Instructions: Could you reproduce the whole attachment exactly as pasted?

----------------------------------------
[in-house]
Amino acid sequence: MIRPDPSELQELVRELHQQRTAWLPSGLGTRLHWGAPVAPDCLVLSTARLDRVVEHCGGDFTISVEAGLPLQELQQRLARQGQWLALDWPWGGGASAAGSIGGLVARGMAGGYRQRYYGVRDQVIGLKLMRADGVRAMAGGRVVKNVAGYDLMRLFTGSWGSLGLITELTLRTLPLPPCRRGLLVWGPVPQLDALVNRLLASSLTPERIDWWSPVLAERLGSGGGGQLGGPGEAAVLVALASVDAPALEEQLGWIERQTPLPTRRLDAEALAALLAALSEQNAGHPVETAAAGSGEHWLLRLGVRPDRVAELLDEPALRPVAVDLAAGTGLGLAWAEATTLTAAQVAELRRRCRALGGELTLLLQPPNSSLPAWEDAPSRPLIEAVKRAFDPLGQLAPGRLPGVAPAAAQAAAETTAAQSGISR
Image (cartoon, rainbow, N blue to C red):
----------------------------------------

[in-house]
Amino acid sequence: MIRPDPSELQELVRELHQQRTAWLPSGLGTRLHWGAPVAPDCLVLSTARLDRVVEHCGGDFTISVEAGLPLQELQQRLARQGQWLALDWPWGGGASAAGSIGGLVARGMAGGYRQRYYGVRDQVIGLKLMRADGVRAMAGGRVVKNVAGYDLMRLFTGSWGSLGLITELTLRTLPLPPCRRGLLVWGPVPQLDALVNRLLASSLTPERIDWWSPVLAERLGSGGGGQLGGPGEAAVLVALASVDAPALEEQLGWIERQTPLPTRRLDAEALAALLAALSEQNAGHPVETAAAGSGEHWLLRLGVRPDRVAELLDEPALRPVAVDLAAGTGLGLAWAEATTLTAAQVAELRRRCRALGGELTLLLQPPNSSLPAWEDAPSRPLIEAVKRAFDPLGQLAPGRLPGVAPAAAQAAAETTAAQSGISR
Image (cartoon, rainbow, N blue to C red):